Al Bundy is a misanthropic women's shoe salesman with a miserable life. He hates his job, his wife is lazy, his son is dysfunctional (especially with women), and his daughter is dim-witted and promiscuous.
This "All In The Family" spin-off centers around Edith's cousin, Maude Findlay. She's a liberal, independent woman living in Tuckahoe, NY with her fourth husband Walter, owner of Findlay's ... See full summary »
In this sitcom, Charlie, who takes Mike Flaherty's place in later years, is the Deputy-Mayor of New York City, and his team of half-wits must constantly save the Mayor from embarrassment and the media.
Michael J. Fox,
The Golden Girls is based on the lives and interactions of four older women whom have all been divorced/widowed, and are now roommates. Dorothy's main goal during the series is to find a companion she can relate to while her mother Sophia adds her comical outlook and frequents "Picture This" stories. Rose's St. Olaf-ness makes her a little corny but lovable. One thing that changes nearly every episode is whom Blanche is courting. Written by
John W. Hale
One of the few series of its era to include openly gay and lesbian characters, and deal with related issues. The Pilot featured the Girl's openly gay personal chef Coco, and Blanche had an openly gay brother Clayton, who appeared in a couple of episodes. Another episode featured an old friend of Dorothy's who was Lesbian. At least one other episode dealt with the theme of HIV/AIDS. The series has also attracted a strong following among the LGBT community. See more »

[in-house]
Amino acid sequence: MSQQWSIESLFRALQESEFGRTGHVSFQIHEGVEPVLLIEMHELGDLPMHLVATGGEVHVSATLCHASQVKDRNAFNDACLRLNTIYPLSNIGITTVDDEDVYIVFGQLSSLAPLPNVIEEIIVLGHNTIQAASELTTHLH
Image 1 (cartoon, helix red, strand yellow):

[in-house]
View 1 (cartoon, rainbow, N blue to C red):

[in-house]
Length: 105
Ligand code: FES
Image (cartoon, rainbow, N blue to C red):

The front porch shown in various episodes does not match the picture of the house shown at the beginning of each episode. See more »
Even though the 1980's was a pretty barren decade as far as television was concerned, this is one of the few rare gems that came out during that time. This show featured one of the best ensemble casts in the history of television and the four leads made this show a Saturday night staple. I especially liked the irony of the fact that Rue McClanahan and Betty White essentially switched their trademark characterizations. For years McClanahan played the dim bulb Vivian on "Maude" and White played the man hungry vamp Sue Ann on "The Mary Tyler Moore Show". However, on this show McClanahan played the vamp and White played the dim bulb and this wound up making the characters of Blanche and Rose two of the most unforgettable in the history of television. Also, let's not forget Estelle Getty's memorable portrayal of Sophia. She was probably the best thing about the show and really what made this show a classic and it was her interaction with the other three, especially Rose and, of course, Dorothy that made this one of the most beloved shows of the 1980's.
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